South Africa launches case at top UN court accusing Israel of genocide in Gaza
By Associated Press
THE HAGUE, Netherlands: South Africa launched a case Friday at the United Nations’ top court accusing Israel of genocide against Palestinians in Gaza and asking the court to order Israel to halt its attacks — the first such challenge made at the court over the current war. Israel swiftly rejected the filing “with disgust.”
South Africa’s submission to the International Court of Justice alleges that “acts and omissions by Israel … are genocidal in character” as they are committed with the intent “to destroy Palestinians in Gaza” as a part of the broader Palestinian national, racial and ethnic group.
South Africa has been a fierce critic of Israel’s military campaign in Gaza. Many there, including President Cyril Ramaphosa, have compared Israel’s policies regarding Palestinians in Gaza and the West Bank with South Africa’s past apartheid regime of racial segregation. Israel rejects such allegations.
South Africa asked The Hague-based court to issue an interim order for Israel to immediately suspend its military operations in Gaza. A hearing into that request is likely in the coming days or weeks. The case, if it goes ahead, will take years, but an interim order could be issued within weeks.
The Israeli government rejected “with disgust” the genocide accusations, calling it a “blood libel.” A Foreign Ministry statement said South Africa’s case lacks a legal foundation and constitutes a “despicable and contemptuous exploitation” of the court.
Israel also accused South Africa of cooperating with Hamas, the Palestinian militant group behind the deadly Oct. 7 attack in southern Israel that triggered the ongoing war.
The statement also said Israel operates according to international law and focuses its military actions solely against Hamas, adding that the residents of Gaza are not an enemy. It asserted that it takes steps to minimize harm to civilians and to allow humanitarian aid to enter the territory.
South Africa can bring the case under the Genocide Convention because both it and Israel are signatories to it.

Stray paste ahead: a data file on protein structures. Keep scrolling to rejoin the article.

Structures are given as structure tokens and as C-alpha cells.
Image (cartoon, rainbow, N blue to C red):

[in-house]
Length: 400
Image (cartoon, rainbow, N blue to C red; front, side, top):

Whether the case will succeed in halting the war remains to be seen. While the court’s orders are legally binding, they are not always followed. In March 2022, the court ordered Russia to halt hostilities in Ukraine, a binding legal ruling that Moscow flouted as it pressed ahead with its attacks.
South Africa’s foreign ministry said in a statement that the country is “gravely concerned with the plight of civilians caught in the present Israeli attacks on the Gaza Strip due to the indiscriminate use of force and forcible removal of inhabitants.”
The ministry added that there are “ongoing reports of international crimes, such as crimes against humanity and war crimes, being committed as well as reports that acts meeting the threshold of genocide or related crimes as defined in the 1948 Convention on the Prevention and Punishment of Genocide, have been and may still be committed in the context of the ongoing massacres in Gaza.”
South Africa’s president earlier accused Israel of war crimes and acts “tantamount to genocide.” And South Africa last month pushed for the International Criminal Court, which also is based in The Hague, to investigate Israel’s actions in Gaza.
The ICC prosecutes individuals for war crimes, crimes against humanity and genocide, while the International Court of Justice settles disputes between nations.
In the Israeli-occupied West Bank, the Palestinian Foreign Ministry welcomed South Africa’s accusations against Israel. In a statement on social media, it urged the court to “immediately take action to protect Palestinian people and call on Israel, the occupying power, to halt its onslaught against the Palestinian people.”
Balkees Jarrah, associate international justice director at Human Rights Watch, said South Africa’s case “provides an important opportunity for the International Court of Justice to scrutinize Israel’s actions in Gaza using the Genocide Convention of 1948.” She said South Africa is looking to the United Nations’ highest judicial body “to provide clear, definitive answers on the question of whether Israel is committing genocide against the Palestinian people.”
Jarrah stressed that the ICJ case “is not a criminal case against individual alleged perpetrators, and it does not involve the International Criminal Court (ICC), a separate body. But the ICJ case should also propel greater international support for impartial justice at the ICC and other credible venues.”